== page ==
Over the last few years, the amount of confirmed LGBTQ characters in animated television aimed at children in the United States has significantly increased. Media for children has additional hoops to leap through when including LGBTQ characters, such as fear of “corrupting” children into queerness or exposing them to “sexual content” of same-gender relationships. We’re currently at a turning point between reliance on subtext for depiction of LGBTQ people (such as under the Hays Code) and more openness about LGBTQ topics, and all the complications that come with it.
OK K.O.! Let’s Be Heroes on Cartoon Network juggles straightforward representation with the more nebulous. As brief as it is, Enid is deliberately drawn riding vehicles with a bisexual pride sticker, the same one Rebecca Sugar used to come out in real life. Lord Boxman and Professor Venomous, the main antagonists of the series, come across as queer in another less direct way. Boxman seeks business partnerships with other supervillains of any gender, given the same weight and imagery as if they were romantic relationships. He eventually joins forces with Professor Venomous, who previously dated a woman. Together, Boxman and Venomous are ostensibly a same-gender couple under the bisexual umbrella. Showrunner Ian Jones-Quartey later confirmed via Twitter that Boxman is pansexual and Venomous is bisexual.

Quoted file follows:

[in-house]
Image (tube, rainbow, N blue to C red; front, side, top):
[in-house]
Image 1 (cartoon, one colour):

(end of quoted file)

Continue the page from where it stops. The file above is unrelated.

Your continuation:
On paper, two major antagonists being queer(-coded) sounds unfortunately like yet another offensive stereotype in cartoons. However, the big picture is much more complex. OK K.O. has queer characters on both the hero and villain sides of Lakewood, and even that hero and villain divide becomes blurred.
The rest of this post contains major spoilers for OK K.O.! Let’s Be Heroes.